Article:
Clitics Discovered to Be Remnant of Homo neanderthalis Proto-Language
by Ruthlessly Roving Reporter Miss Deakina Andrea Kirkhamia
Researchers at the University of Moore Fullergee recently announced an exciting discovery which is likely to reshape the study of grammar. According to the Centre for Language Informatics, Theoretical Informaticologicistics and Cognitive Syntacticologisticalisationalisation (CLITICS), clitics—those pesky sub-lexical units that mess around in second position, refuse to adopt a full phonological profile and, in a more overt and blatant dependency than dependency grammar, cling like limpets onto reluctant ‘hosts’—turn out to be a hangover from Homo neanderthalis’ proto-language.
Associate professor Clark “without an ‘e’ ” Clarksone “with an ‘e’ ” and Dr Helene “with an ‘e’ ” Hellenique-“as it sounds”-Hellibar (no relation) met with me on floor 37-and-a-half of the recently completed building for the Centre for Research Excellence in Psycholinguistics (CREP) to explain the ins and outs, the thises and some of the thats and a couple of the in-process possibilities of the whole crazy shebang. Hellenique-Hellibar was forthright, to say the least. “Our analysis of the remaining three-quarters of a neanderthalis skull suggests that the nasal cavity has, er, well, y’know, descended from the cranium, probably to, atchoo, create greater room for the, tsk, er, region of the brain known to be responsible for clitic-processing. This, along with some, hmmmmm, recent re-evaluation of neanderthalis cave painting, burial ritual, blah blah blah, material culture and yadder yadder yadder tool-making techniques demonstrates with a high probability that clitics were the structural heart of Homo neanderthalis language.”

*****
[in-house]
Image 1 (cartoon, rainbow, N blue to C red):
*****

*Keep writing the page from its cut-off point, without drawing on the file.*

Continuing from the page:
Clarky-boy jumped in. “So, yeah, we know that clitics must be a late addition to the structural makeup of Homo sapiens language as they don’t fit into any logically possible theory. Syntax and morphology are known to be located in different regions of the brain with only a sub-cortical mapping mechanism which does not support any unit that is phonologically underdetermined. Ergo, as it were, clitics are a late addition to the sapiens linguistic architecture. It’s gotta be, just gotta be, therefore a part of the neanderthalis legacy.”
On the way down in the lift, I found myself thinking “They’ll’ve’d a great time formulating that one.” Then I caught myself concatenatively cliticising and smiled a Neanderthal smile.